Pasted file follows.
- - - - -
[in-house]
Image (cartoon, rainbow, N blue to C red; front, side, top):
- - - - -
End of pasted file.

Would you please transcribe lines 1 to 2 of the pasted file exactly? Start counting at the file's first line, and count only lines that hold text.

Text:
[in-house]
Image (cartoon, rainbow, N blue to C red; front, side, top):